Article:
Bogotá — JPMorgan issued a warning last week about the significant decline in liquidity in the Colombian stock market, suggesting that Colombia may face a downgrade from its current status as an emerging market to a frontier market. However, some analysts say there is still a window of opportunity to avoid that scenario if the government sells part of its stake in Ecopetrol, the country’s largest oil and gas company.
In the realm of market classifications, MSCI stipulates that emerging market status is granted to countries with at least three instruments included in their index. Notably, Ecopetrol was removed from this category a year ago, leaving behind only the shares of Preferencial Bancolombia, Ordinaria Bancolombia, and ISA.
According to Daniel Guardiola, Director of Equity at BTG Pactual, there’s a cause for concern. While there are indeed three assets, there are only 2 issuers involved: Bancolombia and ISA. The liquidity of the energy transport company, ISA, has been steadily decreasing, raising the risk of ISA’s exclusion from the index during the November rebalancing.
“In order to retain emerging market status, a country needs to have a minimum of three constituents in the MSCI emerging markets index. Examining the stocks in the index after Ecopetrol’s exit last year, we find PF Bancolombia, the ordinary shares, and ISA. Many investors argue that we lack three constituents; there are three assets, but in reality, there are only two constituents. This becomes the focal point of discussion – whether Colombia meets MSCI’s criteria,” explains Guardiola.
Furthermore, Guardiola underscored the most immediate threat to Colombia in connection with the impending November rebalancing. “ISA represents the weakest link among these two issuers in MSCI due to the gradual erosion of ISA’s liquidity. Investors are apprehensive that ISA might face exclusion from the index during the November rebalancing. Should this occur, MSCI may not even need to seek consultation, as having just two members would render it impossible for Colombia to retain its status as an emerging market index member,” asserted the expert.
He went on to say, “If ISA is removed from the index, Colombia is likely to exit immediately without undergoing a consultation process. This is the challenge we face, and the solution lies in enhancing ISA’s liquidity, boosting its market capitalization, and ideally introducing a new member, preferably Ecopetrol.”
Ecopetrol’s MSCI Path
Guardiola shed light on the factors contributing to Ecopetrol’s exclusion in 2022, primarily attributed to a substantial decline in its market capitalization and liquidity. However, he offered a more positive outlook for the oil company this year compared to 2022.
“What’s required for Ecopetrol’s reentry? Its share price needs to rise, its market capitalization must increase, and it has indeed been on an upward trajectory. The strengthening of the peso has been instrumental in boosting Ecopetrol’s market capitalization, which was the key factor behind its exclusion from the index last year. Yet, it’s essential to note that this is a relative assessment, not solely based on Ecopetrol’s market capitalization. It’s assessed in comparison to other companies within the MSCI index to determine if it meets the minimum criteria for inclusion in the emerging markets index. Ecopetrol holds the potential to be our savior,” asserted BTG’s Equity Director.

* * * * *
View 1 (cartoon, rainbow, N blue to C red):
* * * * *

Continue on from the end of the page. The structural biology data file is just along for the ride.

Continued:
A Lengthy Journey for Ecopetrol
Even as the MSCI EM rebalancing looms for November and ISA grapples with diminishing liquidity, there’s a chance that Colombia can maintain its position within the index if ISA can sustain its presence. However, there’s consideration for initiating a consultation process to assess whether investors see merit in Colombia retaining its membership among this group of countries.
In such a scenario, Guardiola proposes an alternative strategy that could secure Ecopetrol’s reintegration into the MSCI basket. However, this path requires a commitment from the government to reduce its stake in the company.
“If exclusion doesn’t happen now, and we initiate a consultation process, one effective measure to ensure Ecopetrol’s inclusion in the index is to increase the company’s float. According to MSCI, the consistent requirement for a stock to enter the index is a float of 15%. Currently, Ecopetrol has a float of 11.5%, meaning that if the Colombian government dilutes its ownership by an additional 4%, Ecopetrol will be obliged to rejoin MSCI EM and maintain its position. When assessed in terms of market capitalization and liquidity, there is no justifiable reason for its exclusion at this juncture. Its absence from the index last year was due to its failure to meet the minimum requirements for companies with a float less than that. This approach represents our nation’s most potent card in preserving our status as an emerging market,” Guardiola elaborated.
It’s worth noting that since 2005, the Colombian Congress has authorized the government to sell up to 20% of the company’s shares. In the final stages of President Duque’s government, the process began to sell the remaining 8.5%, but those plans were abandoned by the current administration of Gustavo Petro.
The Role of the Industry
While Ecopetrol’s return to MSCI EM would uphold Colombia’s emerging market status, Guardiola believes that for improving liquidity indicators in the Colombian market, the government needs to take a more proactive role.